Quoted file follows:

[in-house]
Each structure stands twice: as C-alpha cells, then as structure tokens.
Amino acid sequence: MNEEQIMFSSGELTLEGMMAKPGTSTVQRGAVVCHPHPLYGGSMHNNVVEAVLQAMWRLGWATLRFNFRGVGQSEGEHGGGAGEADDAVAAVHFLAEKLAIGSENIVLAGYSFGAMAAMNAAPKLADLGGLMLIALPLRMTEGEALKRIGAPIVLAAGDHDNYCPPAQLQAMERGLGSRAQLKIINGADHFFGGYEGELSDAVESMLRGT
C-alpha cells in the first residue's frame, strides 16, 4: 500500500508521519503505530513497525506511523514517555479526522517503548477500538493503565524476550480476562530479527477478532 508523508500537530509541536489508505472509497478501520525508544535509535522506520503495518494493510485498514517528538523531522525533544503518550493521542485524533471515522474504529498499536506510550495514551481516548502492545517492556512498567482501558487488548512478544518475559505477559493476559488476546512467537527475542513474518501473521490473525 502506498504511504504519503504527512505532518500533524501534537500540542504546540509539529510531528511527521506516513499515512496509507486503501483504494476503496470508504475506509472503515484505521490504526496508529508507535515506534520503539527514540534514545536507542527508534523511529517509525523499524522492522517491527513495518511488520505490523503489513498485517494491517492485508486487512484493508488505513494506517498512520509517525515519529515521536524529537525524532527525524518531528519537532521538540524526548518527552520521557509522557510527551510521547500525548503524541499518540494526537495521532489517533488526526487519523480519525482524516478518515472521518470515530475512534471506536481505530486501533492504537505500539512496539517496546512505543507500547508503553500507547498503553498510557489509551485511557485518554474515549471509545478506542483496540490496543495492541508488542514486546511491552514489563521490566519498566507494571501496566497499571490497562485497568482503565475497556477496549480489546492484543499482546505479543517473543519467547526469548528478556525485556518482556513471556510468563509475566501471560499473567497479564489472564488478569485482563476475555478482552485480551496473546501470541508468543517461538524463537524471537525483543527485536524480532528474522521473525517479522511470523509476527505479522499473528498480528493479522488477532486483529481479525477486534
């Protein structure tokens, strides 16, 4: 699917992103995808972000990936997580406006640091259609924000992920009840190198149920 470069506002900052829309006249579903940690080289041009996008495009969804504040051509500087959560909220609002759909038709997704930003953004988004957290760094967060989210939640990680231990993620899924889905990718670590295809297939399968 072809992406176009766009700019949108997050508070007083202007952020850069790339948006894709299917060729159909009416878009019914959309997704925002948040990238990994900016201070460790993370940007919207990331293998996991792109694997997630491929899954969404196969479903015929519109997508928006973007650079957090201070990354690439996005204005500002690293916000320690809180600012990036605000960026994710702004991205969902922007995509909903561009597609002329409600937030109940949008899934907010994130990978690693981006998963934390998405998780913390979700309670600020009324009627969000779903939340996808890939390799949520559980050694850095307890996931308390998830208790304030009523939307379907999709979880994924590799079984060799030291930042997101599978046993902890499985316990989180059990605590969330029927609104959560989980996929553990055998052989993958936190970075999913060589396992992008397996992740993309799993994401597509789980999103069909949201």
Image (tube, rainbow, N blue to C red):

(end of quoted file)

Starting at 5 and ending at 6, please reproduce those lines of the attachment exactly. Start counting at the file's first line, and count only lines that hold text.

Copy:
């Protein structure tokens, strides 16, 4: 699917992103995808972000990936997580406006640091259609924000992920009840190198149920 470069506002900052829309006249579903940690080289041009996008495009969804504040051509500087959560909220609002759909038709997704930003953004988004957290760094967060989210939640990680231990993620899924889905990718670590295809297939399968 072809992406176009766009700019949108997050508070007083202007952020850069790339948006894709299917060729159909009416878009019914959309997704925002948040990238990994900016201070460790993370940007919207990331293998996991792109694997997630491929899954969404196969479903015929519109997508928006973007650079957090201070990354690439996005204005500002690293916000320690809180600012990036605000960026994710702004991205969902922007995509909903561009597609002329409600937030109940949008899934907010994130990978690693981006998963934390998405998780913390979700309670600020009324009627969000779903939340996808890939390799949520559980050694850095307890996931308390998830208790304030009523939307379907999709979880994924590799079984060799030291930042997101599978046993902890499985316990989180059990605590969330029927609104959560989980996929553990055998052989993958936190970075999913060589396992992008397996992740993309799993994401597509789980999103069909949201």
Image (tube, rainbow, N blue to C red):